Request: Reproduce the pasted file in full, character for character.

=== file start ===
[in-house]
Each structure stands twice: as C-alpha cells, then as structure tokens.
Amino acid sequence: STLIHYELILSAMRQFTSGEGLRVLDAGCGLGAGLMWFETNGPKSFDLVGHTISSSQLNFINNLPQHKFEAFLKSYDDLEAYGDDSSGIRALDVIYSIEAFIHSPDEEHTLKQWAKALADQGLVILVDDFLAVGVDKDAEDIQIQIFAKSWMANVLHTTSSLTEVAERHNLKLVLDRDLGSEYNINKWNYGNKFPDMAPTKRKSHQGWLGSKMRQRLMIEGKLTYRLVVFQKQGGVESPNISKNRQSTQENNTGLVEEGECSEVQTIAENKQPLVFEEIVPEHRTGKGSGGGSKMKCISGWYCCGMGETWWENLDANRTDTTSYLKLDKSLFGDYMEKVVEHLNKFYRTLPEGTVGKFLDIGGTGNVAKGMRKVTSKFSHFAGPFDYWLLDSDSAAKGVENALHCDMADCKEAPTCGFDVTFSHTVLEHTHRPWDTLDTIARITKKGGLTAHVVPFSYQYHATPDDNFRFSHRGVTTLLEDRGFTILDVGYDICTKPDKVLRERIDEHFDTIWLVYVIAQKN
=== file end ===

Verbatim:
[in-house]
Each structure stands twice: as C-alpha cells, then as structure tokens.
Amino acid sequence: STLIHYELILSAMRQFTSGEGLRVLDAGCGLGAGLMWFETNGPKSFDLVGHTISSSQLNFINNLPQHKFEAFLKSYDDLEAYGDDSSGIRALDVIYSIEAFIHSPDEEHTLKQWAKALADQGLVILVDDFLAVGVDKDAEDIQIQIFAKSWMANVLHTTSSLTEVAERHNLKLVLDRDLGSEYNINKWNYGNKFPDMAPTKRKSHQGWLGSKMRQRLMIEGKLTYRLVVFQKQGGVESPNISKNRQSTQENNTGLVEEGECSEVQTIAENKQPLVFEEIVPEHRTGKGSGGGSKMKCISGWYCCGMGETWWENLDANRTDTTSYLKLDKSLFGDYMEKVVEHLNKFYRTLPEGTVGKFLDIGGTGNVAKGMRKVTSKFSHFAGPFDYWLLDSDSAAKGVENALHCDMADCKEAPTCGFDVTFSHTVLEHTHRPWDTLDTIARITKKGGLTAHVVPFSYQYHATPDDNFRFSHRGVTTLLEDRGFTILDVGYDICTKPDKVLRERIDEHFDTIWLVYVIAQKN